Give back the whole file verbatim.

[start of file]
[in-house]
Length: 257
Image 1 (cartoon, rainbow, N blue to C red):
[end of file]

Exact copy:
[in-house]
Length: 257
Image 1 (cartoon, rainbow, N blue to C red):